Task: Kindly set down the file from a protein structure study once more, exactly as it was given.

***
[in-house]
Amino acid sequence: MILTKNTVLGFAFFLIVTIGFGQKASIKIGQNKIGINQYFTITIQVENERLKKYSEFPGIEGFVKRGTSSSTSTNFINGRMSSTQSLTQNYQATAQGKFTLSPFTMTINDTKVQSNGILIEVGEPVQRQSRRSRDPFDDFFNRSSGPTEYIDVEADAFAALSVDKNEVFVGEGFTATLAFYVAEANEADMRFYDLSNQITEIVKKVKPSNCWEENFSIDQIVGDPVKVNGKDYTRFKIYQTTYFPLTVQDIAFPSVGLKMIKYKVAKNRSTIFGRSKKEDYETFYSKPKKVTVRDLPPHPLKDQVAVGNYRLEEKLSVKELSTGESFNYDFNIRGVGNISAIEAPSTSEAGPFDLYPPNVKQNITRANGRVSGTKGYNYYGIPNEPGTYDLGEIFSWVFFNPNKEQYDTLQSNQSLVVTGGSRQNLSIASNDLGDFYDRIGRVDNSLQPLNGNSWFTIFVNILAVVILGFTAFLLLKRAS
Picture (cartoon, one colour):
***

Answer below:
[in-house]
Amino acid sequence: MILTKNTVLGFAFFLIVTIGFGQKASIKIGQNKIGINQYFTITIQVENERLKKYSEFPGIEGFVKRGTSSSTSTNFINGRMSSTQSLTQNYQATAQGKFTLSPFTMTINDTKVQSNGILIEVGEPVQRQSRRSRDPFDDFFNRSSGPTEYIDVEADAFAALSVDKNEVFVGEGFTATLAFYVAEANEADMRFYDLSNQITEIVKKVKPSNCWEENFSIDQIVGDPVKVNGKDYTRFKIYQTTYFPLTVQDIAFPSVGLKMIKYKVAKNRSTIFGRSKKEDYETFYSKPKKVTVRDLPPHPLKDQVAVGNYRLEEKLSVKELSTGESFNYDFNIRGVGNISAIEAPSTSEAGPFDLYPPNVKQNITRANGRVSGTKGYNYYGIPNEPGTYDLGEIFSWVFFNPNKEQYDTLQSNQSLVVTGGSRQNLSIASNDLGDFYDRIGRVDNSLQPLNGNSWFTIFVNILAVVILGFTAFLLLKRAS
Picture (cartoon, one colour):